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New IPO success formula?

Gettyimagesbankk
Gettyimagesbankk

By Anna J. Park

As the country's IPO market is continuing to heat up with investors' increased interest in newly listing firms, it seems there is a new formula for a successful initial public offering: first, spin off the most lucrative business sector as a subsidiary from a parent company, and second, conduct the IPO of the subsidiary firm.

Previously, most listed firms in need of a cash inflow and investment chose the path of issuing corporate bonds or new stocks. Mezzanine financing ― a hybrid form of raising capital utilizing both senior debt and equity issuance ― has been frequently used to raise necessary capital for a firm's growth.

However, the recent trend of spinning off part of a business that is full of growth potential and undergoing an IPO, seems to not only benefit the newly created subsidiary but also appears to raise the corporate value of the parent company.

ECOPRO and Nepes cases

Eco-friendly materials and parts company ECOPRO is one of such cases following the formula. ECOPRO's secondary battery unit with expertise in cathode materials spun off from the company back in 2016.

ECOPRO BM, the newly created subsidiary of ECOPRO focusing on battery materials, then went public in early 2019, raising some 170 billion won ($150 million) through the initial public offering. The battery materials company's market cap size has now grown to about 4 trillion won ($3.6 billion) as of Wednesday.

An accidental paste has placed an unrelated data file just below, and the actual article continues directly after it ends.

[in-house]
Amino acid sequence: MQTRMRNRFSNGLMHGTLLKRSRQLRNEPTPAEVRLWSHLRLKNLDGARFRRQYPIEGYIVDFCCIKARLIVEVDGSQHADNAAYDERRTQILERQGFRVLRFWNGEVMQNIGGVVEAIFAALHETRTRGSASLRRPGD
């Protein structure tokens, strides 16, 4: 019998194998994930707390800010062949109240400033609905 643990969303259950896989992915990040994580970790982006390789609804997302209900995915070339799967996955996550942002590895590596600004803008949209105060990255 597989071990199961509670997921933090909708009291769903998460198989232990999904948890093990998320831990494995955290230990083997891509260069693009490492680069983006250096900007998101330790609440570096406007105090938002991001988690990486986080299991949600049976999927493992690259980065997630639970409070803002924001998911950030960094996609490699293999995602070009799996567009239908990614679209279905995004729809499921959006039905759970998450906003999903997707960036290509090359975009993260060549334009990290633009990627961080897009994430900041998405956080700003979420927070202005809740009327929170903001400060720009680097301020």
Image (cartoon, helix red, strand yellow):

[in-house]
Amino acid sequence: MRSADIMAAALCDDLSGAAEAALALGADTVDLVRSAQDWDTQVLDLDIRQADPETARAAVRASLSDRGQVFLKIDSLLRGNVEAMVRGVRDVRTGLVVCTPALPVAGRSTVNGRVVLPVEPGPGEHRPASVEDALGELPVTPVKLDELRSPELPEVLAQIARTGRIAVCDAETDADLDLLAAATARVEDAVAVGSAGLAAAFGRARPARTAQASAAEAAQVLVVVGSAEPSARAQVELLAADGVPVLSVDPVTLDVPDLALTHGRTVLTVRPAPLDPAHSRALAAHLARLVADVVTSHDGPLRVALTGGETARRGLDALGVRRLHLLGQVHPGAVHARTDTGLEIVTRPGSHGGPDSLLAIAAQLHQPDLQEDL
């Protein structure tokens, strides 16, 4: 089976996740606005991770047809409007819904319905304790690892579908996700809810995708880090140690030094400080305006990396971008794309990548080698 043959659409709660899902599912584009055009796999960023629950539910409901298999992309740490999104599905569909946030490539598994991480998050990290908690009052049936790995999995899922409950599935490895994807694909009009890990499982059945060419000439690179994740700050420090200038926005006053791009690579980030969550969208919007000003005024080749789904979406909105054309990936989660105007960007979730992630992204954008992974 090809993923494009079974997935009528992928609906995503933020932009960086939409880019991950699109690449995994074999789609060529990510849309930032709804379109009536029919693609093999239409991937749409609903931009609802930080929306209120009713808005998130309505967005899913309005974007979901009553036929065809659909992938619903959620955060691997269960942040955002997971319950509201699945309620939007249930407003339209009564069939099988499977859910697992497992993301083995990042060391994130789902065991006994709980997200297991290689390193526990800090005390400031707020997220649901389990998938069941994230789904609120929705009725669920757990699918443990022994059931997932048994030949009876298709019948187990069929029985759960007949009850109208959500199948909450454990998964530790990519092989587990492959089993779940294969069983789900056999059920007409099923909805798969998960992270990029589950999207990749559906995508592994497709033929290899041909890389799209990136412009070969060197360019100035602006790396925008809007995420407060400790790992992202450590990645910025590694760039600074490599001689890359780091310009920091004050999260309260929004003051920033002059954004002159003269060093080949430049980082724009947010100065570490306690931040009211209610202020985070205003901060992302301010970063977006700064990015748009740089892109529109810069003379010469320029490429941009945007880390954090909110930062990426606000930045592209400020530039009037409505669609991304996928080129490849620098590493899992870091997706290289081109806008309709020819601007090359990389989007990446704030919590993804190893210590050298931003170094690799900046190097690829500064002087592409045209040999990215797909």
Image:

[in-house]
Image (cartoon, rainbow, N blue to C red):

This is more than a five-fold growth from in the two years since its market value was estimated at between 720 billion won and 825 billion won at the time of preparing the IPO. The market cap of ECOPRO ― the parent company ― has also doubled over the past two years.

Nepes, local semiconductor tech company, is also following a similar path, as it completed a physical division of its semiconductor testing subsidiary "Nepes Ark" in April in 2019. Nepes Ark made its successful debut on the tech-heavy KOSDAQ market in early November last year and the corporate value of both Nepes and Nepes Ark has been showing an upward trend since.

SK Innovation and LG Chem following suit

Big-time players are no exception in following the trend.

Materials and parts company SK IET (IE Technology) was spun off from SK Innovation in April 2019, and is now preparing an upcoming IPO during the first half of this year. The company explained that the rationale behind the separation was to swiftly respond to the fast-changing global business environment by enhancing its market expertise in the components and parts sector. The move has been positively received by the market as a signal from both companies to focus on their comparative strengths even more.

LG Chem's physical division of its lucrative battery unit LG Energy Solution and its plan to list the firm on both the KOSPI and Nasdaq in the near future drew significant media and investor attention at the end of last year. The chemical company's plan to increase the global competitiveness of the battery unit by newly creating a separate subsidiary first met with severe opposition from shareholders, as they expressed concerns as to whether the parent company's value could be maintained without the most lucrative business sector in place.

Yet LG Chem's bullish stock price move showed the market's approval of the strategic plan; the firm's market cap rose to some 70 trillion won as of Wednesday, a whopping 24 trillion won jump from last autumn when the decision was made.